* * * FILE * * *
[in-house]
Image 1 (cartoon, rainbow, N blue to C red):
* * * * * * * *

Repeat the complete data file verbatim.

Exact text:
[in-house]
Image 1 (cartoon, rainbow, N blue to C red):